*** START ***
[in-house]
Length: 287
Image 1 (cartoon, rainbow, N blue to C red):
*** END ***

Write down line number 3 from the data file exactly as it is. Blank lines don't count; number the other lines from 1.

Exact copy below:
Image 1 (cartoon, rainbow, N blue to C red):